Buying medicines from Australian pharmacies during the COVID-19 pandemic

Information for pharmacists and consumers about medicines and COVID-19.

Buying medicines from Australian pharmacies during the COVID-19 pandemic

Please note: Information, evidence and advice relating to COVID-19 is constantly changing. The information in this article was correct at the time of writing.

Because of the COVID-19 pandemic, your pharmacy is operating under some different regulations and conditions. Find out more here.

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Continued dispensing arrangements

From 1 July 2022, ongoing continued dispensing arrangements for obtaining PBS/RPBS medicines were expanded to include additional groups of medicines.  At its November 2021 meeting, the Pharmaceutical Benefits Advisory Committee (PBAC) recommended that additional medicine groups to the statins and oral contraceptives be available under ongoing continued dispensing arrangements. The medicines recommended by the PBAC are predominantly for the management of chronic disease, such as asthma and other lung conditions, diabetes, and heart disease. 

The Continued Dispensing Emergency Measure, initially put in place for the 2020 bushfire crisis and later extended to support the COVID-19 pandemic, concluded on 30 June 2022.

For more information visit the Australian Government PBS website.

Find out more

More information for health professionals about the continued dispensing arrangements:

 

Limits in place for certain pharmacy medicines

During the COVID-19 pandemic some prescription and over-the-counter medicines became difficult to buy because of increased demand (including panic buying) or interruptions to the supply.

To help make sure all Australians who need specific medicines can access them, some rules have been introduced. These rules change how pharmacists fill scripts for some prescription medicines, and also limit how much a person can buy of some over-the counter medicines.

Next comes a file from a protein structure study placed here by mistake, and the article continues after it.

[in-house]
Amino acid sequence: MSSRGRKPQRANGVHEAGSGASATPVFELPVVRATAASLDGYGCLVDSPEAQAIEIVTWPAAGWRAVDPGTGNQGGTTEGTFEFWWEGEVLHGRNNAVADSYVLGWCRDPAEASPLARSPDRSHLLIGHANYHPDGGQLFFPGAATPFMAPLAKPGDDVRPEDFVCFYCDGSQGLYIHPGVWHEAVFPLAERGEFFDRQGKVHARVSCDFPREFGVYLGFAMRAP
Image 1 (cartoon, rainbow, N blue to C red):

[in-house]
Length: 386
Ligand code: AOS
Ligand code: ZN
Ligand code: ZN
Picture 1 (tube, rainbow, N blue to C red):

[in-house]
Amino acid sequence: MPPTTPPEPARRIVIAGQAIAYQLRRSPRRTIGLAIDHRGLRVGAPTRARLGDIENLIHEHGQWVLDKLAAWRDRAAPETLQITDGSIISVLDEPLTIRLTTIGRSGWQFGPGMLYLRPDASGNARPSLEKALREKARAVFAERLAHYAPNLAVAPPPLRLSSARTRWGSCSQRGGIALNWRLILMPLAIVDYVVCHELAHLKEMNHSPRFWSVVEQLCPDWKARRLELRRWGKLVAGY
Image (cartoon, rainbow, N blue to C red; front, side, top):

For more information about medicine shortages, visit the Therapeutic Goods Administration's medicine shortage reports database.

Learn more about how the Therapeutic Goods Administration are working to keep medicines in supply for Australians who need them.

 

Oral antiviral medicines for COVID-19

Several antiviral medicines are approved for use in Australia for people with COVID-19. Some are for use in people who are already in hospital, others can be prescribed to people still in the community who may be at risk of developing more severe symptoms.

For more information visit: 

 

Evidence on hydroxychloroquine and COVID-19

Early in the pandemic, hydroxychloroquine was put forward as a potential medicine for the treatment of COVID-19. Recent studies have shown that hydroxychloroquine is not an effective treatment for COVID-19.

A 2021 Cochrane Review assessed current evidence. It found that hydroxychloroquine is not beneficial for patients with COVID-19 needing hospital care.

Use of this medicine to prevent or treat COVID-19 outside of clinical trial research is off-label. It is not recommended. In Australia, legislation has been formed to limit the prescription of hydroxychloroquine. This is to ensure that supply is available for people who need it to manage chronic health conditions not related to COVID-19.

Australian Prescriber has addressed the ethical dimensions of prescribing this medicine in an editorial.

Principles of ethical prescribing for self and others: Hydroxychloroquine in the COVID-19 pandemic.

 

Asking questions about your medicines

Speak to your GP or pharmacist if you have questions about your medicines and the amount you need. You can also call the NPS Medicines Line on 1300 633 424 (1300 MEDICINE) if you have questions about prescription, over-the-counter and complementary medicines.

Find out more about using medicines during the COVID-19 pandemic

As evidence comes to hand, we will post answers to frequently asked questions here.